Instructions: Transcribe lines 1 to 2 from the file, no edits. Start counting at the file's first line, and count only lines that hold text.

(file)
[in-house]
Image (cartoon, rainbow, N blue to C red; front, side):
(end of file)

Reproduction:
[in-house]
Image (cartoon, rainbow, N blue to C red; front, side):